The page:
OXFORD — At a ribbon-cutting ceremony Thursday, National Guardsmen held the American flag at attention while a singer delivered the national anthem; the local high school’s mascot, marching band and cheerleading squad performed in the parking lot; an emcee looped a musical crescendo through a PA system and called out the store’s managers, who rushed through a row of high-fives to a small stage; and hundreds of shoppers formed a line outside that snaked from the front doors to the back of the 136,000-square-foot new Sam’s Club.
“Ladies and gentlemen, it's been a long time," Mayor Leon Smith told shoppers. “I pulled up this morning and I said, 'Lord, what a crowd.’”
Smith admitted that he often worried the membership-only, buy-in-bulk retailer would never open its doors in Oxford.
City leaders announced plans for a Sam’s Club in 2008, but officials from Wal-Mart, which owns Sam’s Club, were concerned about the condition of the site. The city spent at least $2.6 million on grading work at the location.
A Wal-Mart spokesman told The Star in 2012 that company officials held off on the site waiting for conditions in the economy to improve. Sam’s Club locations depend heavily on small businesses, he said, which were greatly affected by the 2008 recession.
The project was further delayed as the city worked toward an agreement with the Muskogee Creek Nation in Oklahoma concerning a Native American mound disturbed near the Oxford Exchange. Soil used from that site became the fill dirt for the Sam’s Club.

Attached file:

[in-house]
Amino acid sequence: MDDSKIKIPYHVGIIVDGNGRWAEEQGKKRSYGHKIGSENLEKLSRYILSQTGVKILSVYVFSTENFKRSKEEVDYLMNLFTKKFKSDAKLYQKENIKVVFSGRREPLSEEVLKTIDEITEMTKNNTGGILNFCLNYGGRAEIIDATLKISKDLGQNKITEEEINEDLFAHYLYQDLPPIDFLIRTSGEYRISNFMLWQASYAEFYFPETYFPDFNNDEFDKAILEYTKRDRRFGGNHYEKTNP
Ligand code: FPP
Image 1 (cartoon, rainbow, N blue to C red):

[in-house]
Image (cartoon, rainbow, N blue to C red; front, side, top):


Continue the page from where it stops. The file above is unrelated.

The Muscogee Creeks and the city reached an agreement in 2011 and ceremonial stones from the mound were moved to the site of Oxford’s planned sports complex nearby.
But on Thursday, the shoppers were more concerned with deals inside the store than the ground under it.
Anniston resident Luther Owen stood in the line holding his 3-year-old granddaughter, Della Armstrong. He said the store opening means he’ll no longer have to drive to Birmingham or Douglasville, Ga. — previously the nearest Sam’s Club locations.
When asked about the turnout for Thursday’s grand opening, Owen laughed.
“We almost turned around and went back,” he said.
Had he left, though, he would have missed the handful of vendors pitching their products among floor displays and cavernous aisles of pallets.
Jim Berdeaux of Wetumpka handed out spoonfuls of his signature sauces. The recipes came from his grandfather, who served as chef of the Pickwick Cafe in Montgomery, which operated from 1900 to 1949, he said.
Salesmen wearing head-set microphones cooked grilled-cheese sandwiches and told customers about Chef Shamy Gourmet Food’s butter, with flavors such as French onion.
Looking over the shoppers Monday, Tarah Pounders, manager of the new location, said the grand opening was perfect.
“The community outreach has been incredible,” she said.
Pounders declined to give an estimate of the crowd’s size, but she said the location broke a membership signup record for new stores.